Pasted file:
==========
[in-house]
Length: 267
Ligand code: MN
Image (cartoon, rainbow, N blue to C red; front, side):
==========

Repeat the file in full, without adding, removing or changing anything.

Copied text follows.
[in-house]
Length: 267
Ligand code: MN
Image (cartoon, rainbow, N blue to C red; front, side):